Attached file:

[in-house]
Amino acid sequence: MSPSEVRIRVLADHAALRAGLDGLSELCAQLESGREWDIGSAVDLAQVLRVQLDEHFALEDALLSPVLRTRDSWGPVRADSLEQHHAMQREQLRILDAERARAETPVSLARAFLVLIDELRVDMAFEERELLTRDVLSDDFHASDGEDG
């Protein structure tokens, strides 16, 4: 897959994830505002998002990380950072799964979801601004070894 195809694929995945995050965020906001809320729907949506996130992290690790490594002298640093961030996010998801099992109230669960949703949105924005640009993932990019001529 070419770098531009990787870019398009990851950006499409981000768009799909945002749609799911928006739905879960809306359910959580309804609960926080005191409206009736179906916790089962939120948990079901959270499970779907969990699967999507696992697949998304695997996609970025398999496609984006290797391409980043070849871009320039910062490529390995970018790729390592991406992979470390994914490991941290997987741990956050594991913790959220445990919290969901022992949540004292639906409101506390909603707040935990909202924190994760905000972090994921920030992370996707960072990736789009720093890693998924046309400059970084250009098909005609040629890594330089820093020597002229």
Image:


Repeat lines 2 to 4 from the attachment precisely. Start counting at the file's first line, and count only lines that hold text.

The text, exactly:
Amino acid sequence: MSPSEVRIRVLADHAALRAGLDGLSELCAQLESGREWDIGSAVDLAQVLRVQLDEHFALEDALLSPVLRTRDSWGPVRADSLEQHHAMQREQLRILDAERARAETPVSLARAFLVLIDELRVDMAFEERELLTRDVLSDDFHASDGEDG
């Protein structure tokens, strides 16, 4: 897959994830505002998002990380950072799964979801601004070894 195809694929995945995050965020906001809320729907949506996130992290690790490594002298640093961030996010998801099992109230669960949703949105924005640009993932990019001529 070419770098531009990787870019398009990851950006499409981000768009799909945002749609799911928006739905879960809306359910959580309804609960926080005191409206009736179906916790089962939120948990079901959270499970779907969990699967999507696992697949998304695997996609970025398999496609984006290797391409980043070849871009320039910062490529390995970018790729390592991406992979470390994914490991941290997987741990956050594991913790959220445990919290969901022992949540004292639906409101506390909603707040935990909202924190994760905000972090994921920030992370996707960072990736789009720093890693998924046309400059970084250009098909005609040629890594330089820093020597002229």
Image: